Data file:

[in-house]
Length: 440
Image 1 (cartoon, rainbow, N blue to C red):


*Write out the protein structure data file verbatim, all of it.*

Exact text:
[in-house]
Length: 440
Image 1 (cartoon, rainbow, N blue to C red):